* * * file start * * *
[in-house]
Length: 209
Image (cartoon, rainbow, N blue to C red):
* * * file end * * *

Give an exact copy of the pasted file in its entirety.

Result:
[in-house]
Length: 209
Image (cartoon, rainbow, N blue to C red):